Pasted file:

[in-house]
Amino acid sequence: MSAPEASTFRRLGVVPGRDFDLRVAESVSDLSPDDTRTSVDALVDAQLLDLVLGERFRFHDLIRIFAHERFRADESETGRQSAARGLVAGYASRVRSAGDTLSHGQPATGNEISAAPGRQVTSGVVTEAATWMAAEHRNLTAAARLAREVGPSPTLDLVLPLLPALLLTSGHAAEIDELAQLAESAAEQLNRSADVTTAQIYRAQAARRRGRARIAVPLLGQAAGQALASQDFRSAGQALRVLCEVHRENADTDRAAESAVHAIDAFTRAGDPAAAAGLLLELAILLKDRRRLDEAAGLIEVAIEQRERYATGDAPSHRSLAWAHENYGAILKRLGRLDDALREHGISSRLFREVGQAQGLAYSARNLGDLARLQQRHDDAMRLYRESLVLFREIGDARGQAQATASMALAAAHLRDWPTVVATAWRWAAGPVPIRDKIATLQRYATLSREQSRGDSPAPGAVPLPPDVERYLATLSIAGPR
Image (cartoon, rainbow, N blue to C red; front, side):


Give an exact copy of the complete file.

[in-house]
Amino acid sequence: MSAPEASTFRRLGVVPGRDFDLRVAESVSDLSPDDTRTSVDALVDAQLLDLVLGERFRFHDLIRIFAHERFRADESETGRQSAARGLVAGYASRVRSAGDTLSHGQPATGNEISAAPGRQVTSGVVTEAATWMAAEHRNLTAAARLAREVGPSPTLDLVLPLLPALLLTSGHAAEIDELAQLAESAAEQLNRSADVTTAQIYRAQAARRRGRARIAVPLLGQAAGQALASQDFRSAGQALRVLCEVHRENADTDRAAESAVHAIDAFTRAGDPAAAAGLLLELAILLKDRRRLDEAAGLIEVAIEQRERYATGDAPSHRSLAWAHENYGAILKRLGRLDDALREHGISSRLFREVGQAQGLAYSARNLGDLARLQQRHDDAMRLYRESLVLFREIGDARGQAQATASMALAAAHLRDWPTVVATAWRWAAGPVPIRDKIATLQRYATLSREQSRGDSPAPGAVPLPPDVERYLATLSIAGPR
Image (cartoon, rainbow, N blue to C red; front, side):